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How to save $10 billion

Radon is a radioactive gas that is generally believed to cause lung cancer, even in low concentrations, and might exists in high concentrations in the basement of your house (see the map).

The EPA recommends that you should test your home for radon and then fix the problem if your measurement is 4 picoCuries per liter or higher. We estimate that this strategy, if followed, would cost about $25 billion and save about 110,000 lives over the next thirty years.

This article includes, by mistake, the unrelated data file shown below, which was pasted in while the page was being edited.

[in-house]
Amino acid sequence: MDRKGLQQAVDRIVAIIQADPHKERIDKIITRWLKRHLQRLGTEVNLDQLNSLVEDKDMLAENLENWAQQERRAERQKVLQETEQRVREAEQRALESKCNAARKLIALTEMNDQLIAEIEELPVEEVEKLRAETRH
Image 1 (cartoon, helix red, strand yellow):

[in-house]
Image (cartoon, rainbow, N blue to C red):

We can do much better by using existing information on radon levels to target homes that are likely to have high levels. If meausrements are more targeted, we estimate that the same savings of 110,000 lives can be achieved at a cost of only $15 billion. The problem with the EPA’s recommendation is that, by measuring everyone, including those who will probably have very low radon, it increases the number of false alarms–high measurements that occur just by chance in low-radon houses.

We found formal decision analysis to be a useful tool in quantifying the recommendations of where to measure and remediate. (For more details, see Section 22.4 of Bayesian Data Analysis and this paper).

Click here to see what to do for your house.